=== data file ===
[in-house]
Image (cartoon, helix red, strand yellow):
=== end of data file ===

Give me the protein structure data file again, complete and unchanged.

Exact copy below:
[in-house]
Image (cartoon, helix red, strand yellow):